While most of those in the business of predicting elections are smart enough not to offer a specific number of seats they think the parties will gain or lose, there is fairly wide agreement on this proposition: Come November, the Democrats are doomed. They'll hold the Senate, but the House is all but lost. Charlie Cook, probably the most popular of this group, has for months been saying things like, "It's very hard to come up with a scenario where Democrats don't lose the House." Others have been only somewhat more pessimistic about the ruling party's chances.
The Democrats will certainly lose seats. The president's party almost always does in off-year elections, and Democrats have to defend seats they won in many conservative districts in 2006 and 2008. Put that together with the still-struggling economy and a broad anti-incumbent mood, and you've got a lot of nervous Democrats -- and a lot of Republicans who believe that we'll soon be adding the phrase "Speaker of the House John Boehner" to our national lexicon.
Sorry if I just gave you a cold shiver. But fear not -- there are reasons to think that maybe things aren't looking so awful after all. First, the national "mood," insofar as it can be pinned down, is far more anti-incumbent than anti-Democrat -- not much comfort, but some. Congress' approval ratings are extremely low, it's true. But they've been trending slowly upward in the last two months, and the public thinks even less of congressional Republicans than congressional Democrats.
A couple of previously popular incumbents have already been tossed by their parties, and a couple of more could lose today. But is there one message to take from all these developments? Not really. In every election, an incumbent here or there is challenged in a primary, and the line of attack is usually that they've been insufficiently loyal. What you seldom see is people as established as Sen. Robert Bennett of Utah, Gov. Charlie Crist of Florida, and Sen. Arlen Specter of Pennsylvania being tossed to the curb. The first two we can lay at the feet of the Tea Party movement. As these events demonstrate, the Tea Party movement has its greatest effect not outside the Republican Party but inside, where it defeated Bennett and drove out Crist.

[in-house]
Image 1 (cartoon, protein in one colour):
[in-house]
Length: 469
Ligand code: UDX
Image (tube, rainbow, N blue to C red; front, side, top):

The Tea Party can fit inside the GOP because it is more a mood than a philosophy: surly, bitter, and above all entitled (cut my taxes, but keep your hands off my Medicare and Social Security). As Michael Kinsley recently wrote in The Atlantic, "If the Tea Party Patriots ever developed a coherent platform or agenda, they would lose half their supporters." Tea Partiers in Maine just gave it a shot -- and failed: You can take a gander at the Maine GOP's muddled platform, which includes such gems as "Return to the principles of Austrian Economics," "Clarify that health care is not a right," and "Repeal and prohibit any participation in efforts to create a one world government."
The Tea Partiers may be a little crazy and relatively small in number, but they're sure going to get to the polls. As for those not busy searching the skies for black helicopters, these people are far more likely to vote if they're mad. And one thing that keeps people mad -- and pulls independent voters over to the opposition -- is a bad economy, the best predictor of election results. And that's the next reason Democrats should be feeling better: While we don't know whether things will take a turn for the worse, we do know that at the moment all signs are pointing in a positive direction. The economy added 290,000 jobs in April -- the fourth month in a row of positive growth. There are six more monthly jobs reports between now and Election Day, and if they are all positive, then a powerful narrative will take hold, one of an economy clearly on the mend.